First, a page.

Checking out Occupy Asheville’s ‘General Assembly’

It was a gorgeous fall day today, Saturday, November 5, so hubby and I got out the bikes and rode downtown with our nine-year-olds to catch a session of Occupy Asheville’s General Assembly.

The girls understand basic civics concepts like free speech and freedom of assembly – and we’ve had some fun coming up with witty alternatives to fit the cadence of their daily Pledge of Allegiance at school—but it’s not too often they get to participate in live parliamentary process.

It’s not your textbook parliamentary procedure, mind you, but there’s an organic flow that works. As the session opened, a central moderator acquainted the thirty or more folks in attendance in the use of a set of hand signals; those attending are encouraged to provide approval and guidance to speakers using these signals. I was quite taken with the now-familiar Greek chorus function provided by listeners who repeat the speaker’s statements so even those in the back can hear, no amplification needed. It just takes the words “Mic check!” from the orator to turn on the human amplifiers. It’s low-tech, functional, and innovative, recalling the ancients somehow.

On this occasion, representatives from a series of working groups were on hand to present brief reports on recent progress, and offer information about plans in the works so newcomers can get involved. There’s a media work group, and a ‘direct action’ group, and one specializing in street theater, which is meeting soon to plan for their “Black Friday” presence at a local shopping center. We also heard from a work group covering legal issues, which presented the text of a proposed class action lawsuit on behalf of those arrested November 2. The claim is that arresting folks who are assembled on the sidewalk is unconstitutional, since that’s a protected activity in the public square.

There’s room for everyone in this movement: we heard from a self-described gender-neutral individual, on behalf of a working group focused on eliminating oppression within the movement itself (although it wasn’t immediately clear how such oppression might be manifest). Yet another speaker implored attendees to take care to stay positive with their inner thoughts, since just thinking about ‘heavy’ things actually has a physical impact—incrementally increasing one’s physical weight—thus placing an unnecessary burden on the corpus. (I briefly considered offering a defense-of-empirical-science-based work group…if this movement really takes hold, I’d like to know certain universal laws will remain in force).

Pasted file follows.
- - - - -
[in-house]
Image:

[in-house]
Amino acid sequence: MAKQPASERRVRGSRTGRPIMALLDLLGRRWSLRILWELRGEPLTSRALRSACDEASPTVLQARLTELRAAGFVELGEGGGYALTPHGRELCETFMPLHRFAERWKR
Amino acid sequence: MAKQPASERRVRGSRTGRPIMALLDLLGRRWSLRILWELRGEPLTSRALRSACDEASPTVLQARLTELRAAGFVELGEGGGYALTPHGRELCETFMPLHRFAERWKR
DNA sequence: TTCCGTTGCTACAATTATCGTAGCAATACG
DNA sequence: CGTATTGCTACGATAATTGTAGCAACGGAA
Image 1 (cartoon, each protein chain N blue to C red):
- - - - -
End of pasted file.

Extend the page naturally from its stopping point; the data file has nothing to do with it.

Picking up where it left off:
This “occupation” isn’t a constant presence in any particular location, but ebbs and flows depending on the availability of folks to organize and participate. And if you want to connect, organizers have made it pretty easy: see the Occupy Asheville website,, or their Facebook page, to learn more.


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5 thoughts on “Checking out Occupy Asheville’s ‘General Assembly’

  1. martinv

    As a member of the media working group and a member newly formed’rationally demonstrative theories’ working group, I debated strategy with her following this explanation. As per our agreements as an organization we refrain from engaging in public denunciations of fellow active participants on topics of disagreement, expertise, and personal differences. Occupy Asheville is an open forum for dissent and committed to an inclusive and horizontal structure. Indeed networking around a deepening conversation regarding our politics, economics and culture is the most important thing that we are doing and have accomplished, in my opinion. I digress, Occupy Asheville is interested in exploring ideas for a reimagination of our common future and acting on them. Talk to Victor Ochoa with our Outreach Working Group and he’d be happy to direct you to the right people to get you involved with anything from legal, action, organizing, outreach, donations of resources, time, or your most valuable contribution, your idealism and belief that the world can change. It must. It is not the world or the nation that is in danger, it is the human spirit that is in jeopardy.


    the media working group

  2. Bill Thurman

    One of the commandments in the law of G_d tells us not to follow a multitude to do evil. Nobody knows what may at length result from the protests & rioting in Egypt, Libya, &c. Both have done very bad things so far.
    Before consenting in any way with any group any man or woman with a conscience needs to understand the most probably agenda of that group. In many places a Stalinist mentality proves quite dominant in professedly global & city occupations by these groups.

  3. Uh.

    I feel all warm inside.

    I don’t remember any gushing romantic accounts of the tea party in these pages.

    • Bill Rhodes

      Could it be that the tea party was quite cold and indifferent to outsiders? That was my experience, Tim.

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